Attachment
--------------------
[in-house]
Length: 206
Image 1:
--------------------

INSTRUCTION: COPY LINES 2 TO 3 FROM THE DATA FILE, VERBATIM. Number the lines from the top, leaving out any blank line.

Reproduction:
Length: 206
Image 1: